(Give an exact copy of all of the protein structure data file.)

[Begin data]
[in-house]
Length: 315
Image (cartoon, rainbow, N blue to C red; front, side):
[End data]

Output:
[in-house]
Length: 315
Image (cartoon, rainbow, N blue to C red; front, side):